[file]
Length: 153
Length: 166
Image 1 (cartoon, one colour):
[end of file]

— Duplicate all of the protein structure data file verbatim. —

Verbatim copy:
Length: 153
Length: 166
Image 1 (cartoon, one colour):